And, students will see questioning out loud as not so much an admittance of not having the right answers as a declaration that they are admirably curious -- a learner, full of ideas, hypotheses, and reflections. They will begin to see that they -- just like their teacher -- are explorers of knowledge and ideas.

What are some ways you've inspired students to speak their minds and question freely in your classroom? We look forward to your comments!

Rebecca Alber

Edutopia Consulting Online Editor

Comments (33)Sign in or register to postSubscribe to comments via RSS

ashleyp's picture

I agree totally with all the posts. It is a shame that students, as well as, some teachers and administrators are so caught up in getting the right answer that they sometimes forget that it is not the answer you are looking for, but how you came to get it that matters.I have a student that is so afraid she will make a mistake that she panics when the problem calls for a little more effort than she is used to. Students should not feel the extreme pressures we put on them to get a perfect score. As a teacher, I am much more interested in the manner in which students are able to solve a problem.

I believe tests are not an accurate measure of student success. I have witnessed teachers handing out previous tests and drilling students over the correct answers. Because so much attention has been placed on teacher accountability, teachers desert to spoon feeding the tests to their students, just to get that perfect score.

Why can't getting the wrong answer be the right way to teach? Why do teachers not applaude the efforts put forth by their students? When a student gets an incorrect answer this is the perfect opportunity to teach what went wrong and then steer them back on track. I believe this approach would increase student learning and participation.

Jennifer Huff's picture
Jennifer Huff
High school special education teacher

I agree with your lesson on having students journal their thoughts. I have students journal at least two times a week by responding to an open ended question. I enjoy reading their creative writing expressing their unique thoughts. I emphasize on no right or wrong answers, but I expect some depth on their papers. I strongly encourage students to be creative in a collaborative learning environment. I feel that this enhances students to be self motivated and creative thinkers!

Stefanie H's picture

I have taught in my classroom in a constructivist manner and my students grew by leaps and bounds because of it. I would still get the "is this right?" question, but when they realized that I would not answer that question, it soon faded.

Stefanie H's picture

I have always encouraged my students to speak their minds in my class. I've even let them explore their thoughts and opinions openly with each other. The constructivist approach to learning is, in my opinion, a great way to reach so many different students and address their different learning styles in doing so.

Amanda Ernst's picture

This is a great post. It is all too true that as teachers and students, it is the easiest thing to give and expect the correct answers from our students. With standardized tests, that seems to be all that students need to know, the straight facts. We are missing the underlying theme of getting an education, gaining an understanding of a concept as a whole and being able to infer answers to questions from our previous knowledge. I have always been taught to use open-ended questions when trying to get the higher Bloom's learning, but I think that it is possible to use with the lower levels as well. Students of all abilities are capable of using open-ended questions. I also love the "Questions that Rock" wall idea. This is something that I will want to use in the future when I get my classroom (I am currently substituting). There are many strategies that I think that I am capable of using at the moment, I just have to be mindful when to best implement them.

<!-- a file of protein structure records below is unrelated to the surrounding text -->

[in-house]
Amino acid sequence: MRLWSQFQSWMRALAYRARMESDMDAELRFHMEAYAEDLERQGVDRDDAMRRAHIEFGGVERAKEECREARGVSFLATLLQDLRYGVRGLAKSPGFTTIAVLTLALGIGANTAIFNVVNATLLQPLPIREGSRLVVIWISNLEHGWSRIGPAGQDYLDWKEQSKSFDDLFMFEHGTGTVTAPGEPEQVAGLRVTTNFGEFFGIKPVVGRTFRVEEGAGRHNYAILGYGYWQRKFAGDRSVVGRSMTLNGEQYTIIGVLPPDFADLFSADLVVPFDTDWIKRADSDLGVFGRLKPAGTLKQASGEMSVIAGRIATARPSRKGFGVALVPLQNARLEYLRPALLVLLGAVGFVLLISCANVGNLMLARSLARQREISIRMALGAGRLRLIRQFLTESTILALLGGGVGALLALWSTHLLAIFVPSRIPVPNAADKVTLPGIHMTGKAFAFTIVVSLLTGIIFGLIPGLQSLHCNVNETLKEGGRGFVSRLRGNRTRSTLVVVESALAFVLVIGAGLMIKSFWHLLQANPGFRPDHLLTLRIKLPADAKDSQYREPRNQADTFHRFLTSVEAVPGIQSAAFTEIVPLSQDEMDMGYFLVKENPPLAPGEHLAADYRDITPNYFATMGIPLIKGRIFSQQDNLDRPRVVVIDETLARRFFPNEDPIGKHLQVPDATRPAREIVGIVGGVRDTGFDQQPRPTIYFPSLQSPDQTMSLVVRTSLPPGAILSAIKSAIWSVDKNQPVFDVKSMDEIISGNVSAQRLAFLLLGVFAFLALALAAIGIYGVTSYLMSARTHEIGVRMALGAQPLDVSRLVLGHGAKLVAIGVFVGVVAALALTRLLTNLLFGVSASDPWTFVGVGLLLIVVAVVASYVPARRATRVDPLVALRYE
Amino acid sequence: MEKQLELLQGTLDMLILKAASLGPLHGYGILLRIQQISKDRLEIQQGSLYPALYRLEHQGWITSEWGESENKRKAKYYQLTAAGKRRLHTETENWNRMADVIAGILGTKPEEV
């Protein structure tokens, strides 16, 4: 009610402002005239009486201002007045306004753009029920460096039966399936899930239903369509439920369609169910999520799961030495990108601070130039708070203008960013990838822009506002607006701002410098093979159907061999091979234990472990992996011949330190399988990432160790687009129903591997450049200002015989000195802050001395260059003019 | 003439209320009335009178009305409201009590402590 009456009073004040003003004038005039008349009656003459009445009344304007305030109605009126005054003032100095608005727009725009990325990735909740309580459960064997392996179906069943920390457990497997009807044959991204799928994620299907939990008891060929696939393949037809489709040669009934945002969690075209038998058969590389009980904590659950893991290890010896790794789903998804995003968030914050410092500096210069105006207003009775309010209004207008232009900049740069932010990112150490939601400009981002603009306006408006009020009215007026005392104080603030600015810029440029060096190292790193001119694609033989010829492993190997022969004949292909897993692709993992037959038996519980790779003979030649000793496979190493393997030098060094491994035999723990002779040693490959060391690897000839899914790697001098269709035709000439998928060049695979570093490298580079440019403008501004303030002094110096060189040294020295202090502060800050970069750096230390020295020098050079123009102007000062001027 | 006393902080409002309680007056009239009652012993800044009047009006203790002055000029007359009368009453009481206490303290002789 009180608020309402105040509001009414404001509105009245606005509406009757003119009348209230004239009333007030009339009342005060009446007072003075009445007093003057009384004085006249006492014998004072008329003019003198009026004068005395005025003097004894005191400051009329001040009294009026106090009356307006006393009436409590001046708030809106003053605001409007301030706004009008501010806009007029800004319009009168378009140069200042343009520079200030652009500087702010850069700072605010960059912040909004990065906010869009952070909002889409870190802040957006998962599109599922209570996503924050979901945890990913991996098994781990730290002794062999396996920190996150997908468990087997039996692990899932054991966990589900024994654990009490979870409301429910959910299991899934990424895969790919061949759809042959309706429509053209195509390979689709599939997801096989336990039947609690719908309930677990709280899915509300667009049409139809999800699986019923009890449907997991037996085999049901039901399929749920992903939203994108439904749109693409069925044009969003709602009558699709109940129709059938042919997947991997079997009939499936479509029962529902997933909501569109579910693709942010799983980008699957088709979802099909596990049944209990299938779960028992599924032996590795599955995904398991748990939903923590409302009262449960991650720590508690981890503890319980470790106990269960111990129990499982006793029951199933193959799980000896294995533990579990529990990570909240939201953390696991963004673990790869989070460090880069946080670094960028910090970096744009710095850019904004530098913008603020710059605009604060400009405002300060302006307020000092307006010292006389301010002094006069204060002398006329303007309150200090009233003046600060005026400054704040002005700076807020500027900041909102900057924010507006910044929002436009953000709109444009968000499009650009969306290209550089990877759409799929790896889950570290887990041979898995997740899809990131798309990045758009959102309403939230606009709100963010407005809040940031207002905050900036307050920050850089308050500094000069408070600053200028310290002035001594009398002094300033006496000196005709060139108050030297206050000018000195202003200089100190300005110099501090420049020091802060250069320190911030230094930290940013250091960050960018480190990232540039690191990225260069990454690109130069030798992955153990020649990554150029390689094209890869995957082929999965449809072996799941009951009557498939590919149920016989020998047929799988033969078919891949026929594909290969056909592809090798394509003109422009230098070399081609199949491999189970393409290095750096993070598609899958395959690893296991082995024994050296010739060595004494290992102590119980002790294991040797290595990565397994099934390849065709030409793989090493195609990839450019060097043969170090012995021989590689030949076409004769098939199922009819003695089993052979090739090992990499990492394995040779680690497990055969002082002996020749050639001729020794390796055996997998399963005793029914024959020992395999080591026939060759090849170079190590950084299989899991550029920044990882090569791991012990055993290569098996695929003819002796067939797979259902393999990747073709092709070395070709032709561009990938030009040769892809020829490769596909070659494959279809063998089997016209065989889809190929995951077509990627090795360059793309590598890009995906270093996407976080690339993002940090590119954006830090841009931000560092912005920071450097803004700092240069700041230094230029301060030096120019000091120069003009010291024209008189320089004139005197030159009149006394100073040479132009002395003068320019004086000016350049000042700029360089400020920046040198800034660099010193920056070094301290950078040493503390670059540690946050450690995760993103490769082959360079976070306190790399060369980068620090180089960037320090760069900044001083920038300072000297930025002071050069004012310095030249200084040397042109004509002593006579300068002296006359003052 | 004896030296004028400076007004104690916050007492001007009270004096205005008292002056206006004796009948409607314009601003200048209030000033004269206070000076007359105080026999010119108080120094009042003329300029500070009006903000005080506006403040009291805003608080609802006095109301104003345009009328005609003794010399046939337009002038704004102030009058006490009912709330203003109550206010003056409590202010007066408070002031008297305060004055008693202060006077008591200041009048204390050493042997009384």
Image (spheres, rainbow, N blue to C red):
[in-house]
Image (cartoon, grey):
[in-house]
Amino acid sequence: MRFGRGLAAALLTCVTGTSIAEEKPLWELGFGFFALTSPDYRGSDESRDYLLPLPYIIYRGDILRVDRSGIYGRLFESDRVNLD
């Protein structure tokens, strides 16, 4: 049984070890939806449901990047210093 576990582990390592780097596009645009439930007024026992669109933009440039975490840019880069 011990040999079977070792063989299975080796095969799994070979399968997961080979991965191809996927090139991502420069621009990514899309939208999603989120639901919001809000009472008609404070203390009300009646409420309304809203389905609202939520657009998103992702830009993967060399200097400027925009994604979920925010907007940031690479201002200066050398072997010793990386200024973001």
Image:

Angela Jones's picture

Sometimes, educators often search for right answers as a way to evaluate their teaching skills. We feel if the students get the answer right then we have taught an effective lesson. The weight of producing passing test scores contributes to the anxiety of hearing the right answer. This is a topic my school district needs to read and pass on to every educator.

shane Cozart's picture

I thought about the comment that teachers are control freaks. Personally, I feel that all teacher have to have a certain amount of control at all times. Otherwise,you will have kids running your classroom. And there will be no control...

Kirsten Olson's picture

I too really enjoyed this post, will recommend it to others and loved all the comments and suggestions from other thoughtful, deep thinking and challenging teachers. If more teachers were instructing like all the posters here, I think the landscape of American education (and in Abu Dhabi) would look totally different.

Kirsten (author of Wounded By School, 2009)

Davì Pizota's picture

It may come as a surprise, but the true centre of education is the student, he who will learn. The teacher thing is pure XIV century dogmatistics (to help the Vatican in its feudal control). Try it. DP